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Jeudi 2 MAI 2013

Kirill EVDOKIMOV (Princeton University)

"Diagnostics for Exclusion Restrictions in Instrumental Variables Estimation" avec David Lee

de 14 h à 15 h 30 en salle S016 à l'INSEE-CREST, 15 Boulevard Gabriel Péri, 92245 MALAKOFF (Métro : Malakoff/Plateau de Vanves (Immeuble "Malakoff 2)).

 

This paper considers diagnostics of the exclusion restriction based on the internal consistency of the instrument variables model. In most cases, empirical studies involve a number of control variables. Usually, there is a theory or mechanism that explains the instrument, and why it can be excluded from the outcome equation. The exclusion restriction is typically formulated and expected to hold conditional on a number of individual characteristics. That is, the argument is usually not that the exclusion restriction holds on average, but that it holds for all individuals in the population of interest. In other words, the typical reasoning in favor of the exclusion restriction should hold not only for the population but also for its different subpopulations. We use this observation to construct a testable implication. Consider a subpopulation that has zero or low correlation between the instrument and the endogenous variable. If the exclusion restriction holds, we should also find that the correlation between the instrument and the outcome variable is low. This provides a basis for the diagnostics of the exclusion restriction. Note that the existence of subpopulations for which the instrumental variable is (almost) irrelevant is rather typical for applied studies.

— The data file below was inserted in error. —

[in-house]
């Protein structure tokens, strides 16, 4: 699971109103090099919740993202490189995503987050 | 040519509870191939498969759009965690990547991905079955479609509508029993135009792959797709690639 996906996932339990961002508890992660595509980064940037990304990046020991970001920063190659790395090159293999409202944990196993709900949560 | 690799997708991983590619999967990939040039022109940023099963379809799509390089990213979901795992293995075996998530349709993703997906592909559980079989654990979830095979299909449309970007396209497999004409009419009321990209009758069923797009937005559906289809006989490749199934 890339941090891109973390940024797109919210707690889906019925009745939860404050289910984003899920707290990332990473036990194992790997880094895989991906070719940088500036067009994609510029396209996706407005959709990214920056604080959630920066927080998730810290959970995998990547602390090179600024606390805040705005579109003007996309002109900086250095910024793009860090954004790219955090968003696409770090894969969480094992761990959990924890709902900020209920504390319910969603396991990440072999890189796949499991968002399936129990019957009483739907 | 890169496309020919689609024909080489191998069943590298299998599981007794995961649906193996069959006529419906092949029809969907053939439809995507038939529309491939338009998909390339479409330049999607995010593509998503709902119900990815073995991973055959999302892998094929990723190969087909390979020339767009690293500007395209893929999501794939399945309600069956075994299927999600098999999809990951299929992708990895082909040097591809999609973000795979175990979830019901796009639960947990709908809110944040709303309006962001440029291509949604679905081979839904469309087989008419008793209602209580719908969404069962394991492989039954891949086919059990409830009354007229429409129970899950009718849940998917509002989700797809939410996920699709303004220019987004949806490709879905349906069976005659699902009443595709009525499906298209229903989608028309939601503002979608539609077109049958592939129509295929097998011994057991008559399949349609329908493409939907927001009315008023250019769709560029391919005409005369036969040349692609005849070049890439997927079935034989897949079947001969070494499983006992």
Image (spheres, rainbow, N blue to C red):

It turns out that the above implication leads to a nonstandard econometric testing problem. The problem contains elements that are similar to the literatures on partially identified models and on weak instrument models, but none of these literatures provides a satisfactory solution to our problem. For example, the analysis of weak instrument models is typically greatly simplified by observing that conditional on a certain sufficient statistic the distribution of the usual test statistics does not depend on the true concentration parameter. This argument does not apply in our problem thus requiring a more complicated analysis. We provide a number of testing strategies and discuss their theoretical properties, optimality, as well as the practical aspects of their use in applications. We consider the analyses of subpopulations determined by the discrete and continuous covariates. The latter case involves additional theoretical and practical considerations. The finite sample properties of our procedures are studied in a number of Monte Carlo simulations. We illustrate the use of the methods in an empirical application estimating returns to schooling.